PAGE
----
• 8. Where? <ul><li>Train travelled through Harlem to the Bronx. </li></ul><ul><li>No stop between 59th and 125th street – 7.5 minutes. </li></ul>
  • 9. The Experimenters <ul><li>4 teams of 4 students </li></ul><ul><li>Each team had 2 males and 2 females </li></ul>OBSERVERS MODEL VICTIM
  • 10. VICTIMS <ul><li>The four victims (one from each team) were males, aged between 26 and 35, three white and one black. </li></ul><ul><li>All were identically dressed in jackets, trousers and no tie. </li></ul><ul><li>DRUNK VICTIM </li></ul><ul><li>On 38 trials the victim smelled of alcohol and carried a bottle of alcohol in a brown bag. </li></ul><ul><li>CANE VICTIM </li></ul><ul><li>On 65 trials, the victim appeared sober and carried a black cane. </li></ul>
  • 11. layout <ul><li>Figure 1:   Layout of adjacent and critical areas of subway car </li></ul><ul><li>  </li></ul>                                                                 
  • 12. THE STAGED EMERGENCY <ul><li>The victim stood next to the pole in the critical area. </li></ul><ul><li>As the train passed the first station the victim staggers forward and collapses. </li></ul><ul><li>Until receiving help he remains motionless on the floor looking at the ceiling. </li></ul><ul><li>If the victim received no help by the time the train was stopping, the model would help him up. </li></ul>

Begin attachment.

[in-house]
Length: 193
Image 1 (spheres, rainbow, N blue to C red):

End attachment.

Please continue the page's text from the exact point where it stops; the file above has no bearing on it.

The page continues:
• 13. MODELS <ul><li>The models (white males aged 24 to 29) were all dressed casually. There were 4 different model conditions used across both drunk and cane conditions. </li></ul><ul><li>Critical area early – helped 70 seconds after the collapse. </li></ul><ul><li>Critical area late – helped 150 seconds after the collapse. </li></ul><ul><li>Adjacent area early – helped after 70 seconds </li></ul><ul><li>Adjacent area late – helped after 150 seconds </li></ul>
  • 14. DATA COLLECTED <ul><li>103 trials over 2 months. Trials ran between 11am and 3pm on weekdays during the period of April 15 th to June 26 th , 1968. 6-8 trials per day. </li></ul><ul><li>4 teams collected the data. The female observers recorded the data. </li></ul>